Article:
Salt lake city

Salt Lake City’s policing plans do not address the root causes of crime.

Salt Lake City’s policing plans do not address the root causes of crime.

(Francisco Kjolseth | The Salt Lake Tribune) Salt Lake City Police Chief Mike Brown and Salt Lake City Mayor Erin Mendenhall are hosting a press event on Monday, October 10, 2022 to announce an update on the city ​​crime control plan.

I recently read about Salt Lake City’s ‘new’ strategy to reduce violent crime in our streets. Police Chief Mike Brown called the approach of sending more officers to crime-prone areas the most innovative he had seen in his 30-year career.

The approach is as old as policing itself, going by various names such as ‘cops on dots’, ‘CompStat’ or Rudy Giuliani’s ‘broken windows’. What was never called community policing, human-centered or long-term success. This approach leads to increased racial disparity and generational poverty, two critical issues at the root of the policing crisis we face today.

These old policing approaches inevitably result in more black, brown, poor, homeless, and marginalized people being harassed and arrested for low-level, non-violent crimes. Does it make us safer? Is the community better? Are the fundamental long-term problems resolved?

Or are Brown and Mayor Erin Mendenhall just trying to present old, tired systems that have failed time and time again as innovation because they have no real blueprint to offer. I’m tired of their cute unit photo ops and serious press conferences which are the best they have to offer our capital when it comes to law enforcement and leadership.

The Mayor of Salt Lake City will support community-based, progressive and innovative processes. Please give us the specialized talent and leadership we deserve.

The program described by Mendenhall and Brown does not take into account factors that are a higher predictor of crime, including the economy, access to education and medical care. Failure to meet the underlying needs of a home, job, food, and health care results in disorder. These tactics also create distrust of the police among targeted and ultimately abused communities.

Violent crime in our capital has increased by 20% over the past two years, but Mendenhall and Brown have chosen to continue twisting that data to make it much better than it is. In the same report cited by Mendenhall and Brown that they use to try to convince us that violent crime has declined over the past year, the study authors, from the University of Texas at San Antonio, specifically noted that “when If they look at crime statistics over a longer period of time, Street crime has increased by about 20% over the past two years in Salt Lake City.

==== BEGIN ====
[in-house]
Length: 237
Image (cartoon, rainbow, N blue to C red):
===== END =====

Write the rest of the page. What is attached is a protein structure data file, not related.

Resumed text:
The authors also noted that violent street crimes “did not include family-related offenses or sexual assaults.” A report by the Utah Women & Leadership Project released this month shows that Utah has higher rape rates than the national average, ranking Utah ninth in the nation for the number of rapes per capita.

We must do better. We cannot continue to set below-average measurement targets. The mayor and the leader need to stop trying to convince the Salt Lakers that the only time leaders can lead is when things aren’t so tough. Leaders don’t make excuses; they have the discipline and creativity to solve problems and get things done for the people they serve.

Promises of a better tomorrow will not come true unless we start leading today. It’s time for the mayor to hire a police chief who will lead the department, not just follow the politicians. Mayor Mendenhall, it’s time to start leading. It’s time you gave us a leader who wants to lead and has the ability to lead.

David Ibarra is a leadership consultant, entrepreneur, speaker, and author with a background in the hospitality, automotive, and talent development industries. He lives and works in downtown Salt Lake City.

Mary Cashion

The author Mary Cashion